Even if you are not sympathetic to fish, all will feel the impacts if overfishing continues to run rampant, causing further exploitation of marine reserves. If you’re worried about unemployment rates, consider that the fishing industry directly or indirectly employs 260 million people. In addition fisheries contribute $274 billion per to the global GDP. For the consumer, some of your favorite products depend on fish for their ingredient list.
Sustainable consumption is necessary or else the fishing industry will collapse with domino effects.
Of course, it is unrealistic to completely shut down the fishing industry waiting for fish populations to regenerate. Fish are an important food source, a major economic factor, and an integral part of many essential products.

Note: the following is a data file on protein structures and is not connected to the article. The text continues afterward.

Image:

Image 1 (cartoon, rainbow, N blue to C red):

To assure a sustainable fish supply for our future, making needed products and earning a living must be balanced with employing fishing practices that support species health, adequate reproduction time, and habitat preservation. There are options on how to make fishing more sustainable, and they all start with people taking action.
The government has implemented regulations on the fishing industry but these attempts have only led to more issues, including in many cases, promoting harmful fishing practices. Setting limits encourages boats to bring in a larger than needed catch and then release already dead fish back into the ocean, simply to assure their quota is met to the maximum. Shortening fishing seasons turns fishing into a game of who can catch the most before the timer runs out.
There has been some effective legislation that has helped to reduce overfishing. Examples include catch-shares that allow fisheries to sell their surplus stock to others, and marine reserves that create no-fish zones. Unfortunately, the scale is often too small to create a noticeable difference for fish populations.
In an effort to meet demand for fish, fisheries often employ unsustainable methods; for example, bottom trawling, which uses very large nets to catch as many fish as possible. These nets can damage fish habitats and breeding grounds, and catch or entangle larger marine species, such as the unfortunate right whale.